Tuesday, July 6, 2010

Muslims in Space, Part II

Here's a statement from White House spokesman Nick Shapiro regarding NASA Administrator Charles Bolden's statement concerning the agency's policy of making the Muslim world feel good about itself as per the wishes of President Obama:

The President has always said that he wants NASA to engage with the world’s best scientists and engineers as we work together to push the boundaries of exploration. Meeting that mandate requires NASA to partner with countries around the world like Russia and Japan, as well as collaboration with Israel and with many Muslim-majority countries. The space race began as a global competition, but, today, it is a global collaboration.

Isn't it interesting that the White House should make a point of engagement with Israel on the day Benjamin Netanyahu visits the White House, this time as an acknowledged guest?

As for partnering with Israel, Russia and Japan if that is what the President wanted to convey to Bolden then why didn't he?

The problem here isn't Bolden. The problem here is the President. Bolden only gaffed in that he told the truth about what the President said to him. The White House has not denied any part of Bolden's account of his conversation with him. Outreach to the Muslim world has been central tenet of President Obama's foreign policy and he has made no secret of it. If Obama considers himself a citizen of the world it isn't a stretch to say that he also considers himself a citizen of the whole universe.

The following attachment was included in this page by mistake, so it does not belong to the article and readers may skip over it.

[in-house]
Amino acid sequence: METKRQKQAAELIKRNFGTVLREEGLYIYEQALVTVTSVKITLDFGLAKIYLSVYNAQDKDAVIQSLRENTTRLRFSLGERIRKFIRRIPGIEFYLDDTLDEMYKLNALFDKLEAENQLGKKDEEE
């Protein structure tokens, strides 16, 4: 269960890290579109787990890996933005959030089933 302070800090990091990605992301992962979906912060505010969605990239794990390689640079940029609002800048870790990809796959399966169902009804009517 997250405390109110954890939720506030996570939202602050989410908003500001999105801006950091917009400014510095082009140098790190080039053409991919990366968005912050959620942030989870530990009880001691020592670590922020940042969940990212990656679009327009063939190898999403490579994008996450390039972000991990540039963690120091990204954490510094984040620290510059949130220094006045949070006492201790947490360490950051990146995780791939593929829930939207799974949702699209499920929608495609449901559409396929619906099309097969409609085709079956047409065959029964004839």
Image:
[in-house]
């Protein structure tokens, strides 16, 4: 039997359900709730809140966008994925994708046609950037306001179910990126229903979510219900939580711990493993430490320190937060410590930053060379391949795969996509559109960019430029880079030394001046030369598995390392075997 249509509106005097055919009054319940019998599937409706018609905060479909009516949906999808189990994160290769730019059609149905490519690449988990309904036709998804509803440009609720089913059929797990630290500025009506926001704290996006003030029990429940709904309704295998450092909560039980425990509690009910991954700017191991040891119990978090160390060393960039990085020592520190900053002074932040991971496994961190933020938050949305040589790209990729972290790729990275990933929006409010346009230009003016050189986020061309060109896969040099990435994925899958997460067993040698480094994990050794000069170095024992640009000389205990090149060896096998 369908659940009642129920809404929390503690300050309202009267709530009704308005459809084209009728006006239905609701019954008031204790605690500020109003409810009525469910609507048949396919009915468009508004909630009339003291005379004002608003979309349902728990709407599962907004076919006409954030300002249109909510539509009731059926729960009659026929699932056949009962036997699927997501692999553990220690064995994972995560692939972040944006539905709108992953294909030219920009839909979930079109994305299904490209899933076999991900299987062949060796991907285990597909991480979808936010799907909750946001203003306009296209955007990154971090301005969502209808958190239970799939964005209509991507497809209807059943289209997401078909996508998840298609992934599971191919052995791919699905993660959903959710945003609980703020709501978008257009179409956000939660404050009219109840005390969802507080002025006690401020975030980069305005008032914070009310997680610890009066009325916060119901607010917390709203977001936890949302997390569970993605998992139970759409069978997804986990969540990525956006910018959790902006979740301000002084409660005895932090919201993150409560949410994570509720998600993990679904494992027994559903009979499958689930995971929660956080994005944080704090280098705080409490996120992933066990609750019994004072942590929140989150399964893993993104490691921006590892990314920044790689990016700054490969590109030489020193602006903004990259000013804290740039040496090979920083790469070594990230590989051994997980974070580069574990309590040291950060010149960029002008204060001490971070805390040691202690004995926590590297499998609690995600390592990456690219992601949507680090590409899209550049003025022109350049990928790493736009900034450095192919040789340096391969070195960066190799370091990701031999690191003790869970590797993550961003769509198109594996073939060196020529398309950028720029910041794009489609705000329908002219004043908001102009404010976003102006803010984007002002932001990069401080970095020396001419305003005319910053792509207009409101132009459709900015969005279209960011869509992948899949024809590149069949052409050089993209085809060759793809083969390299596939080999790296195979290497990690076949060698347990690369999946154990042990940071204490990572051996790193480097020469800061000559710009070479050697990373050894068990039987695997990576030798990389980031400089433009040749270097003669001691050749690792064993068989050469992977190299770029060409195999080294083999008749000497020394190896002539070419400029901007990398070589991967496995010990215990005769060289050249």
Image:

But the idea that it is the job of NASA to conduct outreach to the Muslim world much less make it feel good about itself isn't going to sit well with most Americans. Especially when it is apparent that the Muslim world isn't much interested in President Obama's overtures in the first place.

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